That being said, networking is ultimately about building relationships – not trying to promote yourself to gain clients or get a certain job offer. When meeting people for the first time, make it a point to keep your exchange fun and informal. There’s nothing more transparent (or off-putting) than someone trying to sell you his or her business within the first few minutes of conversation, and many people won’t want to talk work first thing at a social event. At the end of the day, people want to conduct business with those they actually like and enjoy being around. Trust us: once the conversation and connections get flowing, what people do professionally will inevitably come out. The best way to make a great first impression? Smile, be open, friendly and honest, and make generosity your goal. By setting aside your personal agenda and forging connections between people who can help each other, you will surely make a memorable (and genuine!) impression – all while broadening your personal network.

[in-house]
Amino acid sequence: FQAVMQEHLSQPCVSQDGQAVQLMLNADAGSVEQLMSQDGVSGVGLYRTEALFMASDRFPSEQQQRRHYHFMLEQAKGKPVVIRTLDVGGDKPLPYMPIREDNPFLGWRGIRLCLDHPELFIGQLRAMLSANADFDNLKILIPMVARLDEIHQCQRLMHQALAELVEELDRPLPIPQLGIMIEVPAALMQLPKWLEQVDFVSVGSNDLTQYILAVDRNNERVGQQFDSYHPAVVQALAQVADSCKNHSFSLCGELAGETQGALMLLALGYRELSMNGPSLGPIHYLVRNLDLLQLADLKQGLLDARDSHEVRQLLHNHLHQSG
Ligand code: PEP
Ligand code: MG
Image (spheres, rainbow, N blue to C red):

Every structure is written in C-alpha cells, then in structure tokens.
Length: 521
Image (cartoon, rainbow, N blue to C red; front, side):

Play to Get Lucky:
According to Brian Tracy, a Canadian motivational speaker, “Luck is quite predictable. If you want more luck, take more chances.” Oftentimes, we enter into situations with the best of intentions, telling ourselves that this is the time we’ll actually work the room and put ourselves out there. When the time comes, however, the intimidation factor can be so high that we end up chatting with just one or two people for the entirety of the event – defeating the entire purpose of networking. To avoid this pattern of defeat, pick a random color before you go. Once you’re at the event, tell yourself you can’t leave until you’ve spoken to everyone wearing that color. It sounds simple – childish, even (the best advice often is!) – but it exponentially increases your chances of connecting with the right people by helping you talk to those you otherwise might not. According to psychologist Richard Wiseman, breaking out of routines is something that lucky people do – so what do you have to lose? Either way, you’re setting yourself up for success.